We all know Chucky, the vulgar, red-haired, Jack-Nicholson-sounding killer doll. He’s almost as famous as Freddy or Jason, characters that you don’t have to watch horror movies to be aware of. But when I first saw CHILD’S PLAY in 1988 I honestly didn’t know it was gonna be a killer doll movie. The poster/newspaper ad only showed Chucky’s evil eyes hovering in the sky over little Andy’s babysitter plummeting from the window of their Chicago apartment. A TV ad showed a quick glimpse of him attacking, but I remember thinking of what I was looking at as some kind of crazy witch lady. Maybe a killer dwarf?
An exciting moment in my recent trip to Vegas was seeing a portrait of Chucky and his bride Tiffany posted in the tiny lobby of an Elvis chapel along with Rob and Sheri Moon Zombie, Jon Bon Jovi and somebody he married, Richard Belzer just by himself. There were plenty of horror movies in 1988, but I doubt they’d hang pictures of the killers from BLACK ROSES or HIDE AND GO SHRIEK or even MANIAC COP in there (although that would’ve been a thrill too). Chucky has lasted.
Like anyone I enjoy the pop culture phenomenon of Chucky, most of his sequels and the absurd places this series has gone, but CHILD’S PLAY is something different. It puts a serial killer into the doll in the opening, then puts the doll in the arms of a child and makes us dread what will happen – what is happening when we’re not looking – until near the end. We look accusingly at the doll sitting there limply. We know you’re in there, you asshole. Why won’t you show yourself? For most of the movie his conniving happens in whispers we can’t hear, in low-to-the-floor POV shots, his little hands reaching out, or in quick glimpses, a little thing running by in our peripheral vision. When we finally do get a good look at him in his living-doll form it feels like we caught a bigfoot, or walked in on that dude in the bear costume in THE SHINING. Something we’re not supposed to be seeing.
So in a different way I treasure this more serious, suspenseful first film from director Tom Holland. Yes, the same Tom Holland who plays Spider-man now, who was 8 years old at the time, which is amazing if you think about it, for him to have such insights into not only the world of children, but also their parents. I mean obviously some of that comes from the script, but– Actually, I’m sorry, I seem to have done the math wrong, Holland was negative eight years old in 1988. You know what, that doesn’t seem quite right so let me go ahead and… yeah, I looked it up and in fact this is a different Tom Holland who directed FRIGHT NIGHT and wrote CLASS OF 1984 and PSYCHO II. So he is the #1 Tom Holland in my book even though he was a living adult at the time and it would’ve been more impressive if he did it before being born and then became Spider-man.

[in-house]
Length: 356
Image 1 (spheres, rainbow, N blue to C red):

It is unusual, though, for any type of horror movie to largely unfold through the point-of-view of a six year old boy (Alex Vincent as Andy). This is not some precociously capable kid, either, he’s kind of a doofus. He’s introduced wearing his silly Good Guys cartoon character overalls and making a huge mess creating an inedible breakfast-in-bed as an excuse to wake his mother up at 6 am. But his youthful cluelessness helps him navigate a difficult life. It seems that his father must’ve died at some point, but he’s only seen in a photo that the camera doesn’t even linger on. Andy seems aware of his mother’s tight money situation – she couldn’t buy him the present he wanted because she didn’t find out early enough to save up for it – but doesn’t know the indignity of dealing with her broadly dickish boss at the department store in order to keep a roof over their head and food on the table (and floor because that kid really doesn’t know how to pour a bowl of cereal).
But his obliviousness does make him an easy mark for Chucky. This is one kindergartener who will let his doll talk him into bringing him to the ghetto. He doesn’t necessarily have to know it’s to murder the ex-partner who left Charles Lee Ray behind.
I love the shots of Andy in his puffy winter coat and hat riding the el train into what movies have trained us to think of as “the bad part of town,” also known as “the inner city,” “the hood,” “the ghetto” or “the projects.” He doesn’t know to be scared or to look out for Candyman (whose movie was filmed in this same part of Chicago several years later). Here’s this little kid carrying a doll almost as big as himself, walking past various street people warming themselves over burn barrels, into a vacant lot full of trash piles, and nobody gives him a second look. I think in real life there’s a good chance somebody would check to make sure he wasn’t lost, but it’s also very plausible that nobody would pay any attention to him. I appreciate that they don’t do the usual movie thing of having him hassled by street gangs. In fact the only people who are actually up to no good around here are the one white guy and his evil doll ex-partner.